The mayor of Imperial Beach, Serge Dedina, and other city leaders are calling for a federal investigation after they say sewage spilled from Mexico into U.S. waters, sickening surfers.
Dedina said Wednesday he was one of the surfers that became ill after the sewage spill.
“We are protesting the fact that our federal government and state agencies in Tijuana have let us down,” said Dedina.
The event in question happened October 26 when pollution from Playas de Tijuana was present, evidenced by a strong odor, on the beachfront along the border.
“You could see it in the water and you could taste it,” said Zach Plopper, who became ill after surfing that day.
Dedina said authorities in Baja California have covered up the pollution and deny that a spill happened.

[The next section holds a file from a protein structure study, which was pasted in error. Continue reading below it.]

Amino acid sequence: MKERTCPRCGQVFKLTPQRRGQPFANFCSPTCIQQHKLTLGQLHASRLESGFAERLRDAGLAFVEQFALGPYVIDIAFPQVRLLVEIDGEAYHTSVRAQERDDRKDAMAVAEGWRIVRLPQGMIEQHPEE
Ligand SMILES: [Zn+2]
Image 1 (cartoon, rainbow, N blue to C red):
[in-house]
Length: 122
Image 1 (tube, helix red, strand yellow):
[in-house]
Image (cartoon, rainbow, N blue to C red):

Dedina is calling for real-time information on sewage spills from Mexican federal authorities.
"We are asking for State Department investigation into this sewage spill that significantly impacted public health in Imperial Beach,” said Dedina. “Like the massive February spill, it appears that authorities in Baja California who run the sewage agency, CESPT, are more concerned with covering up pollution than protecting public health."
San Diego, Coronado and Chula Vista have joined Imperial Beach in a federal lawsuit regarding the February 2017 spill. A report indicated an estimated 28 to 256 million gallons of raw sewage gushed into the Tijuana River.
A claim was filed In August against the International Boundary and Water Commission because of the sewage spills from Mexico.